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Court agrees with MSPB that grade reduction not punishment

On Behalf of | Feb 24, 2014 | Employee Disputes

Is a five-grade demotion from a GS-12 to a GS-7 a second punishment for a Deportation Officer who had been given a two-week suspension for lying to police after they investigated the “appearance” of a refrigerator at his home? According to opinions of the Merit Systems Protection Board (MSPB) and the Court of Appeals for the Federal Circuit, the answer is, no.

The man was an employee of the Department of Homeland Security (DHS), and worked as a Deportation Officer. In 2008, he apparently arranged to purchase a refrigerator using someone else’s employee discount. He told police that it “appeared” at his home and later admitted that he had set up the deal using an employee’s discount. This led to a “lack of candor” charge, which resulted in a removal action. 

He avoided the removal and instead received a two-week suspension. In his role as a Deportation Officer, he was required to testify for the U.S. Attorney’s Office (AO) in court proceedings. When they found out about his disciplinary action, they notified DHS they could no longer use him as a witness.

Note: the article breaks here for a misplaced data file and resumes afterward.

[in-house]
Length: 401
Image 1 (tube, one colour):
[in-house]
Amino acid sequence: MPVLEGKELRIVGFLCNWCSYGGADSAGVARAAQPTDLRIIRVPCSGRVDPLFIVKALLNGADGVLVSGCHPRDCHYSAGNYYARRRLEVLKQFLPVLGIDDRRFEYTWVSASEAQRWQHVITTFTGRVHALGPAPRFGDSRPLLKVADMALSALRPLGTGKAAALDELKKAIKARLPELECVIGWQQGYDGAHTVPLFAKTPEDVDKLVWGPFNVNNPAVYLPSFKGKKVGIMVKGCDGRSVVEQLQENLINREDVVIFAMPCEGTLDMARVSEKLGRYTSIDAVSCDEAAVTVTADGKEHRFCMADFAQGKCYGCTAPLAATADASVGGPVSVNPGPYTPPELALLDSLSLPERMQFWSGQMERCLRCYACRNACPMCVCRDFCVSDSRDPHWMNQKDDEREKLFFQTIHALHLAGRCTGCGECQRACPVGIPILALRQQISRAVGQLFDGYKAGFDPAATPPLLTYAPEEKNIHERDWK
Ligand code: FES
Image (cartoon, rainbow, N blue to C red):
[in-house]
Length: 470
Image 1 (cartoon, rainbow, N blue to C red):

DHS then tried to remove him for a second time, on a charge of “Inability to Perform Full Range of Duties.” DHS mitigated the removal, this time by demoting him to a GS-7, in a position that apparently did not demand he testify for the AO.

He objected, claiming this was double punishment. The MSPB and the court of appeals sustained the agency’s action, because the demotion was based on the AO’s independent decision that they could not use him as a witness.

Given a Deportation Officer must testify for the agency, and the fact he could not perform this element of the position, his demotion was result of the AO’s action, and not punishment for the original offense.

This case highlights the risk a federal employee in a sensitive position may incur for lack of candor or questionable behavior. Matters unrelated to your direct job duties may have disastrous consequence on your career.

Source: FedSmith.com, “Integrity Issues Lead to a Suspension That Leads to a Five-Grade Demotion,” Susan McGuire Smith, February 20, 2014


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